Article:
Recently recapitalized, Frisco, TX-based Comstock Resources Inc. is relying more than ever on the Haynesville Shale. Its once-promising Tuscaloosa Marine Shale (TMS) acreage is a bust given lower-for-longer oil prices, and Eagle Ford Shale drilling is still paused.
"We have 67,000 net acres [in the Haynesville Shale and Bossier Sands], and they're more important than they've ever been to us..." said COO Mack Good during an earnings conference call Tuesday. "We're looking at several different arrangements that will increase our position in both plays, but the details on that will have to wait."
While the company has talked about the belief that its Haynesville/Bossier acreage holds 6 Tcf of resource potential, that conviction has additional support now, Good said, adding that every well drilled by the company since 2015 has had an initial production rate greater than 20 MMcf/d and an average recovery approaching 15.6 Bcf.
"We think we can do better than that, so we've decided to make some improvements," Good said. A flat gas price between $2.50 and $3.00/Mcf could get rates of return of from 50 to 80% for the various lateral lengths the company had been drilling in the Haynesville, he said.
"But those results were then and this is now, and what we're telling you now is that our expectation is better than that," Good said. "We think that we can increase these rates of return by around 20% across the board by changing our future well completion design to include more proppant and smaller frack stages. Our plan is to increase the completion frack intensity by pumping more proppant per foot of lateral length and decreasing the target stage length that receives that proppant...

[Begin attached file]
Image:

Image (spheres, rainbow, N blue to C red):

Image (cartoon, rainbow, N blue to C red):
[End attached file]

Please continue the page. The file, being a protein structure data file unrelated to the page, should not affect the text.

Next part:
"This improved recovery will also create tremendous additional value in our remaining drilling inventory...We're planning to add to this inventory through various arrangements."
As for the Eagle Ford Shale, Comstock drilling activity there has been on hold. But the company hasn't been sitting on its hands in the Eagle Ford, Good said, adding that there are "several ideas" for the play once oil prices improve. Once oil prices get back to the high $50s/bbl, Comstock will turn Eagle Ford drill bits again. "No one should be surprised that we have specific plans to drill in the Eagle Ford once the oil price does recover," Good said.
That's not likely to be the case on the company's TMS acreage (see Shale Daily, Nov. 15, 2013) where Comstock is taking a $76.5 million third quarter impairment, said CFO Roland Burns. Comstock is "totally" writing off the acreage "...as we see oil prices continue to linger at these low levels, we just do not see the company being able to drill on this acreage, and the company doesn't have real plans to try to maintain this acreage position by spending more capital on it so a decision was made to go ahead and write this off. We'll continue to own these leases and if there was a miraculous turnaround in oil, we can get some value out of them," Burns said.